by Carol Warner Christen
(Swans - August 25, 2008) First, we need to define expediency. It is "advantageous, suitable, as do whatever is expedient...; politic rather than just; (n.) contrivance, device." (1) The underlined part of the definition is the operative statement: politic rather than just. Politic means, besides judicious and expedient, scheming and crafty. (2) Webster's does add "...of selfish use or advantage..." (3)
Second, we need to define entropy. Entropy is a scientific term in physics, rarely used as I intend to do in this essay. Entropy means "the measure of the unavailability of a system's thermal energy for conversion to mechanical work." It means "transformation" in Greek. (4) The term entropy does not appear in my 1879 encyclopedias. I prefer to use the older books for definitions because they are often more precise. This essay leans heavily upon "work" and "transformation" in those meanings.
In the past decades, when we lost our citizenship to consumption, we have purchased an amazing amount of "stuff" that we "must" have. It is filling our homes and garages to the point of bursting. Even if we do not overbuy, the items begin to slowly add up to clutter and finally chaos, which is worse. Chaos could be another word for entropy in the household or living spaces.
Expediency is the choice of putting an item here or there or maybe under this and that. Over time, we begin to forget where things are as they pile up in drawers and bins, cupboards and closets, attics and basements, garages and rental storage spots. Most people do not list the expedient choice to store an item. It simply goes, in the beginning, into the place where another item like it went, sort of, that is. Finally, one day, the dust piles high, the dirt collects low, and items are forgotten below or among the newer items.
At that point, cleaning and sorting occur until interrupted by a phone call, by a lack of time, by something of more importance for life is lived moment by moment, regardless of any current chaos. In this system, those who can afford the services of maids, cleaning people, butlers, etc. always appear to have perfect order within and without the home.
Many, if not most, of those people gravitate to politics or corporate work, either owning or managing something larger than a home and grounds. This is the point during the past thirty or forty years that our country changed. Career positions prior to that were honored and the work was well-performed. The population was smaller as was the government. Integrity mattered in the workplace from top to bottom with few exceptions.
The infrastructure was newer and built safely and well. The country's governing bodies were peopled by those who wanted to create the best country in the world with freedoms unknown everywhere else. The founders put together an entity that functioned for around two hundred years. The elected honored the purposes and citizens were respected even when hauled before courts for wrongdoing and sentenced. Then something changed.
That something was the invention of the atomic bomb. The power such a device gave those in government to control anyone and everyone overwhelmed the basic decency of humankind. We badly wanted to fight in World War II and made expedient moves to have the Japanese bomb Pearl Harbor. Of course, they took the bait and we had our chance. I was six and one-half years old when that occurred; I read it myself in the headlines. The horror of what I read stays with me to this day.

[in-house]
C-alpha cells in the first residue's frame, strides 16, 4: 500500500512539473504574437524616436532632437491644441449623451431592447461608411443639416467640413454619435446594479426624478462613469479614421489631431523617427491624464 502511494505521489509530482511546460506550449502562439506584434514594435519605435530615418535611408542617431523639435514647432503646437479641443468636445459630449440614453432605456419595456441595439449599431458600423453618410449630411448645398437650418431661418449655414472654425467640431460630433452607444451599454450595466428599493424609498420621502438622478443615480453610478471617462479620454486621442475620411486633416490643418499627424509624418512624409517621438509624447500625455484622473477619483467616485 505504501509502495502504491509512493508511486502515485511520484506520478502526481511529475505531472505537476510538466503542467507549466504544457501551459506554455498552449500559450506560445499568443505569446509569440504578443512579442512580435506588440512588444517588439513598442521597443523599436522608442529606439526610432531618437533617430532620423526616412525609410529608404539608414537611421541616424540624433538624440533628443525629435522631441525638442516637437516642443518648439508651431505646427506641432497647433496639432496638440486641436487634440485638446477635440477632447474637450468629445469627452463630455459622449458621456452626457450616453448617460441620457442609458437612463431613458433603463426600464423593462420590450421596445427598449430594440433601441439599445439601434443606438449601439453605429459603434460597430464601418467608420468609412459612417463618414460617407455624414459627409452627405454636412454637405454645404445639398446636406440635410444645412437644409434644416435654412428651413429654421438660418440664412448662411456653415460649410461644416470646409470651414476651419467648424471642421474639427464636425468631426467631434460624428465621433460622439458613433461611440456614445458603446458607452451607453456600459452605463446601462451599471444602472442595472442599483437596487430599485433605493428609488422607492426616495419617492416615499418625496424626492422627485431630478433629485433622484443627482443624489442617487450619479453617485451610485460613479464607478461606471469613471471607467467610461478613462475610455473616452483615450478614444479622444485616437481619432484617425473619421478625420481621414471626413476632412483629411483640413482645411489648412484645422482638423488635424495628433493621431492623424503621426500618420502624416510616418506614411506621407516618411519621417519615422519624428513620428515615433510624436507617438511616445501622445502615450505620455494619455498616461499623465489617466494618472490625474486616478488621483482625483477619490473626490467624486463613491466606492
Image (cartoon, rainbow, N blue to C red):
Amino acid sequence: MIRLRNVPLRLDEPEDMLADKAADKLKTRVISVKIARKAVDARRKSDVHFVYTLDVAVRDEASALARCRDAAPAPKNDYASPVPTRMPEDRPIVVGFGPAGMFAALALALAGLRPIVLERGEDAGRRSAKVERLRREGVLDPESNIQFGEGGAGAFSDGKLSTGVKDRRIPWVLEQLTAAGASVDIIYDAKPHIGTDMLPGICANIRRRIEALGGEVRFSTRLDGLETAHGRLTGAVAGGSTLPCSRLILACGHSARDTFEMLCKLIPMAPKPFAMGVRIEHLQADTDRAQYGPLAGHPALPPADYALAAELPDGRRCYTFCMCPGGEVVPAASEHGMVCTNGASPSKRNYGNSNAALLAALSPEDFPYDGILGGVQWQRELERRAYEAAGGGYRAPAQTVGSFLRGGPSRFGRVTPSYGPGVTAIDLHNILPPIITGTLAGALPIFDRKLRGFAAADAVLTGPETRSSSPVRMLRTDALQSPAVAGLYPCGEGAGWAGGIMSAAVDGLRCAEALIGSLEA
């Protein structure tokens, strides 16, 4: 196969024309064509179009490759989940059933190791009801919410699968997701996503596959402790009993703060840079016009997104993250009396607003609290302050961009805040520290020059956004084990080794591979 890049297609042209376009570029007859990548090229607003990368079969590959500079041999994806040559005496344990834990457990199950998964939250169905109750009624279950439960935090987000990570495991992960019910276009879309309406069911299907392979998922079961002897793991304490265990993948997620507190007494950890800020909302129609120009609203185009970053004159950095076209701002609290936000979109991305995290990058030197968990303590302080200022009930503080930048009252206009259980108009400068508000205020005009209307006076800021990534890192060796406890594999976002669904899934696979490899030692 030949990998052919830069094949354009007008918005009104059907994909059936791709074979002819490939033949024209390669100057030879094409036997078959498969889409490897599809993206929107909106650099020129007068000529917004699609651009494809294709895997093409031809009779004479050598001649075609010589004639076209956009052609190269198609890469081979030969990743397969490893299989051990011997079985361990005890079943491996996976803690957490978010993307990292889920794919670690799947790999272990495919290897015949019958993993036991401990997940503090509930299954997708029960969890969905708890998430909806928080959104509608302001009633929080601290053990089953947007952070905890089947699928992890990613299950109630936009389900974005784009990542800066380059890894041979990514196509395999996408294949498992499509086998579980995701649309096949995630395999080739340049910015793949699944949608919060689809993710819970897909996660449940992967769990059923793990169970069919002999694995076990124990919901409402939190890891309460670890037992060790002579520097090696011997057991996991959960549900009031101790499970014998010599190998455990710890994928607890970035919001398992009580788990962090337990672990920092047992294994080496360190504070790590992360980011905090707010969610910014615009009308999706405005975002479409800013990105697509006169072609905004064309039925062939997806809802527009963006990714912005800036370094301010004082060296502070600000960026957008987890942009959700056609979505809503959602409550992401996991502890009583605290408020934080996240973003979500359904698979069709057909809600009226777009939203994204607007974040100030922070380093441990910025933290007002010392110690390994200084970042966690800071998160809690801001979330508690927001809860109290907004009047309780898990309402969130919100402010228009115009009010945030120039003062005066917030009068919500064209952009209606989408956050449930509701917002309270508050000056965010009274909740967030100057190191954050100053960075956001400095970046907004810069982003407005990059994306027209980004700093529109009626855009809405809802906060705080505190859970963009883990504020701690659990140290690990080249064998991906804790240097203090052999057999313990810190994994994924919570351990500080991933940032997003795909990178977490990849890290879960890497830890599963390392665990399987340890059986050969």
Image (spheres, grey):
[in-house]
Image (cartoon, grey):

We wanted into that war for political reasons and expedited our chance. The result: we dropped two atomic bombs on two absolutely defenseless cities in Japan. The entropy created was a horrible mess, a disaster in every way. It was political expediency. On August 6th, 1945, humanity changed for the worse. Integrity in high places disappeared for good; although, there were some human exceptions. Japan withdrew into industry. The United States grew into the richest country on the planet.
We built thousands of those bombs, too, with which to threaten others. Again, power corrupts and absolute power corrupts absolutely. We began to want and need war. We tested bigger bombs -- hydrogen bombs. We destroyed Pacific islands to test them, too. The people who used to live there fared badly. Then, the French lost their Vietnam War and we took it over. The poisons and weapons we poured into Vietnam are still another crime against humanity and more entropy on the planet.
In fact, in the 233 years the United States has been a country, 145 years have been war years with a mere 88 years of actual peace, or 38%. That means war, a form of expediency leading to entropy for many peoples, has triumphed 62% of the time. (5)
During such almost continuous wars, our politicians have learned little wisdom but a great deal of expediencies to take whatever wherever they wish. A few other timely matters converged with this accumulation of power: in 1896 corporations became eternal Persons who can live forever with all the rights and privileges of a mere human person; the treasury of the United States was transferred to a private bank, the Federal Reserve Bank in 1913; and several groups gathered huge amounts of power over governmental decisions, such as the secretive Bilderberg Group based in Europe, the Council on Foreign Relations, and the Trilateral Commission. They propose agendas for We, the People; then, they vote to implement them; they report them to the newspapers; and, we never know much, if anything about the transactions whether good, bad, or indifferent. They have learned the back doors to power that leads to clutter of the body politic because we do not know where or what or why they are putting ideas into our government without our oversight.
Personally, I would fine everyone guilty of such expedient use of the People's branches of government for which we pay by taxes. Our servants have become the servants to the high and mighty who do not care about the rest of us. If these persons are indeed 18% ponerologists, then the 82% of us who are normal rather than psychopathic are outnumbered in our own government. The bureaus in the executive branch are hiring ever more and more of them to twist and turn the government to corporate or power-based groups, rather than us. In fact, the government is so cluttered with these persons that actual scientists once hired are quitting in droves in response to the oversight these uneducated persons have over their sciences now. The religious, too, are packing the government with their belief systems, not any of which the rest of us agree upon. The laws are being passed without being read, hundreds of pages worth of what? No one knows but it will be expedient and it has already led to governmental entropy on a huge scale.